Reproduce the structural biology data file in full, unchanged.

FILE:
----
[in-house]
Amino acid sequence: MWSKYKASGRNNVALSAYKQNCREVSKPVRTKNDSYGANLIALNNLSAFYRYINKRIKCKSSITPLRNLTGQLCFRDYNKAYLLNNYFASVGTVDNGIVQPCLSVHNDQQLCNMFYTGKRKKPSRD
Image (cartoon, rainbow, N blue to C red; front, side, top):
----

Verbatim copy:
[in-house]
Amino acid sequence: MWSKYKASGRNNVALSAYKQNCREVSKPVRTKNDSYGANLIALNNLSAFYRYINKRIKCKSSITPLRNLTGQLCFRDYNKAYLLNNYFASVGTVDNGIVQPCLSVHNDQQLCNMFYTGKRKKPSRD
Image (cartoon, rainbow, N blue to C red; front, side, top):